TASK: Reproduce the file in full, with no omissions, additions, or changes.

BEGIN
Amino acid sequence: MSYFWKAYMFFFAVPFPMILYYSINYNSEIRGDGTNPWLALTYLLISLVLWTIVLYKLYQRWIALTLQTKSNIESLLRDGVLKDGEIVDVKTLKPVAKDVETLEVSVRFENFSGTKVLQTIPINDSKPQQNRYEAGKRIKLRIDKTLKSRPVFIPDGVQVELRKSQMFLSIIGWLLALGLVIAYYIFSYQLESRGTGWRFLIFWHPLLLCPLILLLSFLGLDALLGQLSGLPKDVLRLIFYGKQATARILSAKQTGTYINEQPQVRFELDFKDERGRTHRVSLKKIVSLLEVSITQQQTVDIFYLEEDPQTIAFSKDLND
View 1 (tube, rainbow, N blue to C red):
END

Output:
Amino acid sequence: MSYFWKAYMFFFAVPFPMILYYSINYNSEIRGDGTNPWLALTYLLISLVLWTIVLYKLYQRWIALTLQTKSNIESLLRDGVLKDGEIVDVKTLKPVAKDVETLEVSVRFENFSGTKVLQTIPINDSKPQQNRYEAGKRIKLRIDKTLKSRPVFIPDGVQVELRKSQMFLSIIGWLLALGLVIAYYIFSYQLESRGTGWRFLIFWHPLLLCPLILLLSFLGLDALLGQLSGLPKDVLRLIFYGKQATARILSAKQTGTYINEQPQVRFELDFKDERGRTHRVSLKKIVSLLEVSITQQQTVDIFYLEEDPQTIAFSKDLND
View 1 (tube, rainbow, N blue to C red):